• Depth First Search Algorithm- While in DFS it would explore the deepest level of our initial thought, we might start with a thought like (4*9). Then, we would explore its child thoughts, such as ((4*9)-13), before backtracking and exploring other branches, such as (10+13). This process continues, going deeper into each branch until a valid expression is found or all thoughts have been evaluated.

Through ‘Thought Decomposition’, ‘Thoughts Generation’, ‘State Evaluation’, and ‘Search Algorithm’, the framework enables the exploration and identification of suitable expressions. It breaks down the problem into sub-problems, generates potential thoughts, evaluates their validity, and searches for the optimal solution.

Why Tree of Thought?

Tree of thought prompting technique is one huge step towards the future of Large Language Models, so why should Prompt Engineers use this technique?:

  • Planning and decision making- The process of organizing and strategizing thoughts to achieve specific goals. It involves breaking down complex problems into smaller thoughts and evaluating potential solutions based on predefined objectives.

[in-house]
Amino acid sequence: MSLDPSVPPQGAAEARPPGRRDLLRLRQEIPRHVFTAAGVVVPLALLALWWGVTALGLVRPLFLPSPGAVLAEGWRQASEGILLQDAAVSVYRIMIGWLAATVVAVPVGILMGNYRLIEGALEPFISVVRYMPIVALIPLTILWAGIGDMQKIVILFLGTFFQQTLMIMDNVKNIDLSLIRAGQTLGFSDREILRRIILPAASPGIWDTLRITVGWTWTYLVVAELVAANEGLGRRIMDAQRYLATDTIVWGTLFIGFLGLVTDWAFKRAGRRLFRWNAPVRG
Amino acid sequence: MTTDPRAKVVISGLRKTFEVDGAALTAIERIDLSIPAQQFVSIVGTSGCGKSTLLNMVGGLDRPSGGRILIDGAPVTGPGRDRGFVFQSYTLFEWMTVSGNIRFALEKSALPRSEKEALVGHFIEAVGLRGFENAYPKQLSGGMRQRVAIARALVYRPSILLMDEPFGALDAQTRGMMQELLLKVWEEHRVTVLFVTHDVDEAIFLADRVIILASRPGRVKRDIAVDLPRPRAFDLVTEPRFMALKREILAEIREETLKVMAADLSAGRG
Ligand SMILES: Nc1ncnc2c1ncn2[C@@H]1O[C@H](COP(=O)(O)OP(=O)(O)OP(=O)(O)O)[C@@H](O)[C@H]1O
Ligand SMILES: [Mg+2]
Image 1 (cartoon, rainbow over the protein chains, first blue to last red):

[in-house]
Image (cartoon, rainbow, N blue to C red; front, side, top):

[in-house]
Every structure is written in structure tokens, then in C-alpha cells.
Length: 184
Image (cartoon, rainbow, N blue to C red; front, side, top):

• Self-reflection- the ability of Language Models to assess the viability of their own predictions. Language Models provide feedback on their generated candidates, allowing for critical evaluation and refinement
  • Program-guided LLM generation- incorporates symbolic program guidance to shape the behavior of Language Models. It involves using external paragraphs or self-generated thoughts to expand the search space and improve problem-solving capabilities.
  • Classical search methods- applying traditional search algorithms, such as BFS, to navigate the thought space and find optimal solutions based on the Language Model’s self-assessment.

The following graphics shows how the success rate of the Large Language Models differ based on the prompting technique used to solve one same problem of ‘Game of 24’. As can be seen from the graph that Input Output, Chain of Thought, and Chain of Thought -Self Consistency prompting methods had low success rates on the task, achieving only 7.3%, 4.0%, and 9.0% respectively. In contrast, the Tree of Thought method with a breadth of b = 1 achieved a success rate of 45%, while b = 5 achieved 74% (‘b’ is the branching factor of the search, it represents the maximum number of successors or children that a node can have in the search tree).